The Perishable Politician

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tags: politics, celebrity presidents



Antoine Lilti is a historian at the École des hautes études en sciences sociales, in Paris. 

Excerpted from Antoine Lilti’s The Invention of Celebrity (Polity, 2017).

A Face in the Crowd, directed by Elia Kazan in 1957, tells the story of a drifter from Arkansas, Larry “Lonesome” Rhodes, noticed by the producer of a local radio station looking for someone unknown. Rhodes’s performance is a great success and marks the beginning of a dramatic rise: after he is given a radio show, he goes on television, first in Memphis, then on a national channel. He becomes one of the most popular moderators in the country, accumulating riches and celebrity. His success is quick, unexpected, exhilarating. He uproots in a matter of weeks from misery and homelessness and is propelled into the upper echelons of New York society. His weekly show is watched by millions, a close-up of his face is on the cover of magazines, marketing agencies snap up his services. This spectacular rise, as in all good Hollywood stories, is soon followed by a fall no less spectacular: having become a megalomaniac, angry and paranoid, Rhodes isolates himself, takes refuge in grandiloquence and cynicism, and collapses when the young woman who launched his career reveals his real personality. The end of the film pathetically shows Rhodes ruined, alone, and unhappy, fleeing the symbols of his success.

Beyond this classic story of a rise and fall, the film brilliantly describes the mechanisms and the stakes of celebrity in the American consumer society of the 1950s, transformed by the new audio-visual media forms of radio and television. Marketing issues are omnipresent. Rhodes acts in publicity spots, his celebrity at the service of announcers. Kazan, doing research for the film, met with publicity agents from Madison Avenue, and he amused himself by making a fictive series of commercials, which appeared in the movie. The film cleverly mixes two dimensions of advertisement itself, communication aimed at marketing, and the way in which an anonymous individual, a “face in the crowd,” becomes a public figure, known by everyone. One aspect of Rhodes’s success is his way of making fun of the products he is supposed to be promoting, this iconoclastic freedom guaranteeing the notoriety of the brand, and, ultimately, an increase in sales.

If the program audience is made up of consumers, it is also made up of voters. A Face in the Crowd was the most overtly political of all Kazan’s movies. In the second part, Rhodes becomes the consultant to a senator who wants to run for president. Rhodes advises him with frank brutality to create a media persona in order to become popular. When the senator invokes the “respect” due a politician, Rhodes responds that ordinary people buy beer because they like it, not because they respect it. This way of reducing politics to the immediate satisfaction of the consumer is meant to show Rhodes’s vulgarity, but it also reveals a future for democracy based on advertising, which the rise in political marketing has only confirmed. It corresponds to the feeling of power that overwhelms the media host, persuaded that through power he can get anything he wants from his public. Wanting to transform his cathodic celebrity into political popularity, Rhodes even at one point dreams of a political career. The film shows a certain vague anxiety in the face of transformations taking place in politics, less threatened by classical Caesarism than by a new form of populism, that of marketing, reducing politicians to the status of commercial products aimed at the simple tastes of ordinary people and giving popular stars an unprecedented power to manipulate public opinion. What assures Rhodes’s success is his average-man identity, that he talks like the people and addresses himself to them, offering a form of “grass-root wisdom,” as proclaimed on the cover of a magazine seen in close-up.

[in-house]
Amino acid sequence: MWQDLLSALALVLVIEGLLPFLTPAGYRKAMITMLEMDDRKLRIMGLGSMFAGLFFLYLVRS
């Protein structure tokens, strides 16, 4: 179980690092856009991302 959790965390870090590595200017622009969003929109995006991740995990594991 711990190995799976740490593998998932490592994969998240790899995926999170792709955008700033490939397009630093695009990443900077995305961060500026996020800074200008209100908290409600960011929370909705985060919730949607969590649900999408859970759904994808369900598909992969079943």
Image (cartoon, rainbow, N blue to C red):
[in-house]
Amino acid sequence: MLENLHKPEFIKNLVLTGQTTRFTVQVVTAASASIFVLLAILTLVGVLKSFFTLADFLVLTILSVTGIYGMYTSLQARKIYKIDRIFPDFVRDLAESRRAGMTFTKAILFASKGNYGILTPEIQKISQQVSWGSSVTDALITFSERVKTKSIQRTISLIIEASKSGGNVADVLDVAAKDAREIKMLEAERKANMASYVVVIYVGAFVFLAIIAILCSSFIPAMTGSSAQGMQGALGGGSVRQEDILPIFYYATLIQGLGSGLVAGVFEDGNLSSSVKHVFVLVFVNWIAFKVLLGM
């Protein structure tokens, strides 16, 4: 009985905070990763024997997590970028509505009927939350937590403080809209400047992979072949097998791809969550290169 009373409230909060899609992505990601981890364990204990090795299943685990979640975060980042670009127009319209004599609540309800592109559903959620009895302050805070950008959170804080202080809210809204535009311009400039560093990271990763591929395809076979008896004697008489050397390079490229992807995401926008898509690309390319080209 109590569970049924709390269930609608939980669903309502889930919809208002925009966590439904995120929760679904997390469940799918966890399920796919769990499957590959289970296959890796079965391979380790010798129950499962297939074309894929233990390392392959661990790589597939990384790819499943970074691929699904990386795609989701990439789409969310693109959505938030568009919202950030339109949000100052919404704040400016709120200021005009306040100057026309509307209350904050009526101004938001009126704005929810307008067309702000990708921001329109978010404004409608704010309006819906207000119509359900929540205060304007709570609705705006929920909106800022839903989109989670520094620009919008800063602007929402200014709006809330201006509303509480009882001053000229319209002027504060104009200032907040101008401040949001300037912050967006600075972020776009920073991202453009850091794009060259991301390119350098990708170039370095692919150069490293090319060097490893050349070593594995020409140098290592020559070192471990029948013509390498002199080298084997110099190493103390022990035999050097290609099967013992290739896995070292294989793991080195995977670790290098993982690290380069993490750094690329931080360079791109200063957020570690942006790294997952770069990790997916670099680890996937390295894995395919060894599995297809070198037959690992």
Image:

Could his success be a metaphor for a new democratic era, the precursor of which began to be felt at the end of the 1950s in America? Did Kazan anticipate the service of Ronald Reagan, a former actor putting his fame and his television mastery at the service of a conservative political message, organized around the simplicity of the people? The Kazan film explicitly laid out the menace of popular opinion controlled by a demagogue. Rhodes repeats: “I am a force,” to the point that he worries those close to him and they end by betraying him in the name of the public good. Celebrity is shown not only as illegitimate in the cultural domain; it becomes dangerous when undue power is exercised in the public sphere. Political criticism of the effects of celebrity and the dangers of media-constructed democracy is the most explicit ideological thread in the film.

Kazan’s worry in 1957 was a response to the growing takeover by new audiovisual media, with a consequent confusing of commercial, cultural, and political issues, given the influence of publicity. A critical discourse had begun to take shape, denouncing the destructive effects of various kinds of media, its capacity to create from whole cloth factitious stars and put them on before a passive and alienated public. Most of the dangers that threaten us regularly—celebrity politics, the influence of advertising, the rapid and ephemeral success of pseudo-stars—were already strongly denounced half a century ago. ...





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